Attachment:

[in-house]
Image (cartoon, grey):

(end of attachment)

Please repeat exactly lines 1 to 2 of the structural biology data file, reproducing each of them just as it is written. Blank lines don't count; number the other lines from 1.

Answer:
[in-house]
Image (cartoon, grey):